Comparison of the production and | employment figures of the ten large pro! during units of the automotive industry for 1929 with those of 1930 and 1931. as furnished by the Dominion Bureau of Statistics, gives a vivid indication of the need of stimulation of motor car sales, and of the effect such stimulation would have on the economic welfare of the country.

The plants of these companies have a combined annual capacity of 385,390 vehicles, and the output of 1929, totalling 262,625 cars and trucks, was the top performance. In 1930 production dropped to 153.572, and in 1931 it fell dismally to 82,614.

Between 1929 and 1931 there was a decline in the production of motor vehicles of 180. -111, or more than the entire output of 1930.

Now, in 1929 the combined industries employed 20,112 persons, and paid in salaries and wages the sum of $32.025,389. In 1930. only 14,688 persons were on the payrolls and they drew $22,487.542. a drop of $9,537,847. The figures for 1931 are not yet available, but approximation is Simple when we note that production last year was a little less than a third of 1929. By the process of simple division, we arrive roughly at the figure of $11,000,000. With an allowance made for error either way in this deduction, we find that the slump in wages within two years amounted to about $21,000.000. Whereas in 1919 the industry carried on at sixty-eight pier cent of capacity employment, in 1931 the percentage was twenty-one.

When one pictures the effect on any community of the free circulation of even $1,000.000, it is almost devastating to reflect on the consequences of this huge decline in

the total wages paid by such a major enterprise as the motor car industry ; and it is the more disturbing when one begins to trace the lines of its ramifications and classify the subsidiary, intermediate and primary industries, including the railways, many of which look to it for sheer existence and others for a large measure of their business, and then consider the big army of individuals, professional people, merchants and proprietors of small establishments whose welfare is indirectly but nevertheless seriously affected.

It is true that this very decline in the wage-paying capacity of the motor industry and the resultant slackness in the allied fields of activity, in itself supplies a cogent reason for the inability of a great many people to replace their old cars or join the line of new owners. A vicious circle has been created. But with full recognition of this fact, there is ground to believe there are many among the population who are quite able to buy cars but who, like Smithers, are refraining for reasons of mistaken propriety and false sentimentality. It is even safe to say that if every Canadian citizen in the same circumstances as Smithers would let that suppressed impulse to acquire a new automobile do its work, and if every other citizen, like Brown, would follow his example and become for the first time the owner of a car, the result would mean at least all the difference between a stand-still in a great national industry and a step forward out of the rut. Indeed, based on a similar thesis advanced in the United States, it might mean actually the turn of the business tide; the beginning of the real drive to carry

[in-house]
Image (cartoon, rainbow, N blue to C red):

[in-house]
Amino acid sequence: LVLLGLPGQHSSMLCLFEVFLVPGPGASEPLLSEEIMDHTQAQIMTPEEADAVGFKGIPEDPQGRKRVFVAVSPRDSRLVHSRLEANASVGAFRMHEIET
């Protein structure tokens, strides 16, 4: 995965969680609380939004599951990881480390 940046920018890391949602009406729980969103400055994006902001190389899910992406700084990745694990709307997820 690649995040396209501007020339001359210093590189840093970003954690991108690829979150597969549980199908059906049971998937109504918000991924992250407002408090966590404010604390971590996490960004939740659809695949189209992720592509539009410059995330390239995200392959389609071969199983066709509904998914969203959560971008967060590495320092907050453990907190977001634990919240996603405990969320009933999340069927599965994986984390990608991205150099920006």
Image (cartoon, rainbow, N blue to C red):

industrial and commercial activity over the dead centre.

The motor car population of Canada roughly is 1,000,000, the average life of an automobile is six years and most of them have reached the trading-in stage at three and a half years. On this basis, it is estimated that Canadian motorists collectively are at least 100,000 cars behind this year in normal replacements. Considering the place of the automotive industry in the Canadian industrial structure, it is a fair inference that even if half of this shortage of new cars on the highways could be made up, a powerful general business impetus would be created. It is a logical proposition that once the motor industry gets under way, it will bring back to life all the varied industries that are directly dependent upon it. This, in turn, should shake up other allied and contributing industries and infuse new vigor in all forms of primary production. With adjustments in other phases of the economic structure to meet changed conditions, and to which all thought and energy are being directed in both political and business spheres, this development might easily mark the beginning of the big procession.

It is natural for people to regard their relationship with the automotive industry purely from the buying standpoint. They see themselves merely as car owners or prospective purchasers. But the plain facts are that a large proportion are really partners of the industry on the selling side. For every car that is sold there is benefit, one way or another, for every producing individual in the country.